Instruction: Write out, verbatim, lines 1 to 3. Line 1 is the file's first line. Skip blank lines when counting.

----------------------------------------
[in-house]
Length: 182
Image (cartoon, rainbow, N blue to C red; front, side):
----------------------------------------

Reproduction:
[in-house]
Length: 182
Image (cartoon, rainbow, N blue to C red; front, side):